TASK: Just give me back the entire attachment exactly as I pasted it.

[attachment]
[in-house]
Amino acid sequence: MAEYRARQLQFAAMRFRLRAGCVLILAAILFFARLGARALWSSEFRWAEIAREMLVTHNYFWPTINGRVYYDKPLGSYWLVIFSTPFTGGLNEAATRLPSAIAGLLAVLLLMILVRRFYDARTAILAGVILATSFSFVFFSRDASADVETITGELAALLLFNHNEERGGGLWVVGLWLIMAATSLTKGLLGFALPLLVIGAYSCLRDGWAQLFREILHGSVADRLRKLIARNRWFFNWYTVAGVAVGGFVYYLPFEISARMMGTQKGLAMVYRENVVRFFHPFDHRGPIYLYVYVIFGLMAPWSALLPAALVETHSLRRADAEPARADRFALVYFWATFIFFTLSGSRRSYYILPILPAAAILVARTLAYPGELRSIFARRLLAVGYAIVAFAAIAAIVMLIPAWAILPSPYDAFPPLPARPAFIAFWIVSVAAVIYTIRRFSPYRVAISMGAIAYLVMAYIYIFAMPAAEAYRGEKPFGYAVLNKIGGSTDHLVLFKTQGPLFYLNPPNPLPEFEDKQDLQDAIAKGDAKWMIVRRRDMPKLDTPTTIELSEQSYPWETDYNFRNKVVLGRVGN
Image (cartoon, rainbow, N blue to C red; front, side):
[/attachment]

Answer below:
[in-house]
Amino acid sequence: MAEYRARQLQFAAMRFRLRAGCVLILAAILFFARLGARALWSSEFRWAEIAREMLVTHNYFWPTINGRVYYDKPLGSYWLVIFSTPFTGGLNEAATRLPSAIAGLLAVLLLMILVRRFYDARTAILAGVILATSFSFVFFSRDASADVETITGELAALLLFNHNEERGGGLWVVGLWLIMAATSLTKGLLGFALPLLVIGAYSCLRDGWAQLFREILHGSVADRLRKLIARNRWFFNWYTVAGVAVGGFVYYLPFEISARMMGTQKGLAMVYRENVVRFFHPFDHRGPIYLYVYVIFGLMAPWSALLPAALVETHSLRRADAEPARADRFALVYFWATFIFFTLSGSRRSYYILPILPAAAILVARTLAYPGELRSIFARRLLAVGYAIVAFAAIAAIVMLIPAWAILPSPYDAFPPLPARPAFIAFWIVSVAAVIYTIRRFSPYRVAISMGAIAYLVMAYIYIFAMPAAEAYRGEKPFGYAVLNKIGGSTDHLVLFKTQGPLFYLNPPNPLPEFEDKQDLQDAIAKGDAKWMIVRRRDMPKLDTPTTIELSEQSYPWETDYNFRNKVVLGRVGN
Image (cartoon, rainbow, N blue to C red; front, side):